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September 5, 2011

Part 1: Specification of e-learning and target learners

Introduction

The Oil and Gas Industry (OGI) operates globally, under two main areas of exploration: onshore and offshore. Both environments are high risk to personnel and require strict legislation and regulation in order to ensure a degree of safe operation. Requirements for this level of control became apparent after the Piper Alpha disaster of 1989, when an explosion due to a gas leak caused during routine maintenance resulted in the death of 167 persons (Heaney, M. 2007). Following the disaster an enquiry led by Lord Cullen found critical levels of disregard for health and safety that led to an industry wide focus on safety over speed.

The single most important major change was a complete rethink in the attitude towards safety.” (Heaney, M. 2007)

The Cullen report was key to introducing ‘The 1971 Health and Safety at Work Act’ into the OGI. The means of making this health and safety training available included a blended solution of onsite training and the opportunities afforded by emerging computer based training as a means of cheaply and efficiently processing workers prior to embarkation (Edmonds R. 2002).

 

The Learner Profile

In 2009, Oil & Gas UK undertook research into its workforce. The data was collated over 12 months through a personnel tracking system providing the following information:

The average age for the total UKCS workforce is 41 years. This is an expected average for a workforce generally ranging from 20 to 60 years old. In 2006, just under 1800 female personnel travelled offshore (about 3.5% of the total workforce), with an increasing number of young professionals joining the industry.

The age profile for female workers was weighted towards the younger age brackets, with an average age of 34.1 years, indicating the recruitment of young females into the industry. A total of 117 nationalities are represented in the UKCS workforce with workers from the UK accounting for 85.1% of all personnel.”

(Oil & Gas UK, 2009, Page 2)

Key job positions include but are not exclusive to:

  • Catering
  • Crane Operation
  • Deck Crew
  • Drilling
  • Electrical
  • Maintenance
  • Mechanical
  • Medical
  • Production
  • Rigging
  • Scaffolding
  • Well Services

(Oil & Gas UK, 2009, Page 7)

This data shows that the types of personnel going offshore, although predominantly male, do come from varied professional backgrounds so will have specific learning ability and styles of learning.

References

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Click2Learn (2002) “Cooking Up a SCORM”, http://www.scorm.com/wp-content/assets/cookbook/CookingUpASCORM_v1_2.pdf, (accessed 22nd June 2011)

Edmonds R.(2002) “Lessons in eLearning from the Oil and Gas Industry”, http://www.e-learningcentre.co.uk/Resource/CMS/Assets/5c10130e-6a9f-102c-a0be003005bbceb4/form_uploads/e_learning_from_the_oil_and_gas_industry__SRIC_.pdf, (accessed 21st June 2011)

e-learning Awards(2010), “The E-Learning Awards Winners 2010” http://www.elearningage.co.uk/winners.aspx , (accessed 24th June 2011)

GMAT (2011) “Format and Timing”, http://www.mba.com/the-gmat/test-structure-and-overview/format-and-timing.aspx (accessed 30th June 2011)

Harvey L. (2011), “Analytic Quality Glossary, Quality Research International,” http://www.qualityresearchinternational.com/glossary/ (accessed 30th June 2011)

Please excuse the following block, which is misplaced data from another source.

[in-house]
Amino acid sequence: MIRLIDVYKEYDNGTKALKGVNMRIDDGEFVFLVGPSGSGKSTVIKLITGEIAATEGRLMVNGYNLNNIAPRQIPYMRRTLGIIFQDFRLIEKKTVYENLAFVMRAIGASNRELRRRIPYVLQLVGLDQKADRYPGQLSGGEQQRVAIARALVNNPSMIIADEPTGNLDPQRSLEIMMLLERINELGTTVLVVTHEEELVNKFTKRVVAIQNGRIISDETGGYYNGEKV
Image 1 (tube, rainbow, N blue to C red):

Heaney M.(2007) “Lessons learnt from the “Piper Alpha” disaster”, http://www.ecademy.com/node.php?id=80465 (accessed 21st June 2011)

HSE(2010) “Planning to do business in the UK offshore oil and gas industry?”, http://www.hse.gov.uk/offshore/guidance/entrants.pdf (accessed 21st June 2011)

Ip, A., & Naidu, S.(2001) ”Experienced-Based Pedagogical Designs for eLearning in Education Technology”  vol XLI No 5, September-October 2001 pp53-58 Magazine for Managers of Change in Education, Publisher: Educational Technology Publications

Kumar, R. Markeset, T.(2007) “Development of performance-based service strategies for the oil and gas industry: a case study”, Journal of Business & Industrial Marketing; 2007, Vol. 22 Issue 4/5, p272-280, 9p

Mitsue-Links (2011) “The Innovator Theory”, http://www.mitsue.co.jp/english/case/concept/02.html (accessed 24th June 2011)

Moore, M.G. and Kearsley, G. (1996) “Chapter 8, ‘The distance education student’, in Distance Education: a systems view”

Oil & Gas UK (2009) “UKCS Workforce Demographics Report”

http://www.oilandgasuk.co.uk/cmsfiles/modules/publications/pdfs/EM008.pdf (accessed 9th June 2011)

Richardson, J.T.E. (2005) “Students’ approaches to learning and teachers’ approaches to teaching in higher education”, Educational Psychology, vol.25, no.6, pp.673–80; [online] Available from: http://www.science.smith.edu/~jcardell/Courses/EGR325/Readings/StudApprLrng.pdf (accessed 21st June 2011)

Rowe N. (2004) Cheating in Online Student Assessment: Beyond Plagiarism”, http://www.westga.edu/~distance/ojdla/summer72/rowe72.html (accessed 22nd June 2011)

Rudner L.M. (2000) “Informed Test Component Weighting”, http://www.eric.ed.gov/PDFS/ED441034.pdf (accessed 30th June 2011)

SCORM (2011) “ADL Content-LMS Interoperability”, http://www.google.co.uk/url?sa=t&source=web&cd=3&ved=0CCsQFjAC&url=http%3A%2F%2Fltsc.ieee.org%2Fwg11%2Ffiles%2FADL.doc&rct=j&q=adl%20%2Bsuspend%20data%20documentation&ei=dEBTsmzHouxhQen9qn6DQ&usg=AFQjCNHP5hHhl0RzFEDVItfViLOiLAL24Q&cad=rja, (accessed 22nd June 2011)

Sentrico™ (2011) “Sentrico Competency Management”, http://www.sentricocompetencymanagement.com/, (accessed 9th January 2011)

Technoworldinc (2011) “Advantages and Limitations of Multiple-Choice Items”, http://www.technoworldinc.com/placement-papers/advantages-and-limitations-of-multiplechoice-items-t3657.0.html;wap2=, (accessed 23rd June 2011)

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